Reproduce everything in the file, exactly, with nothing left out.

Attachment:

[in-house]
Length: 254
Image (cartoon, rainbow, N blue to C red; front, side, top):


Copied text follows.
[in-house]
Length: 254
Image (cartoon, rainbow, N blue to C red; front, side, top):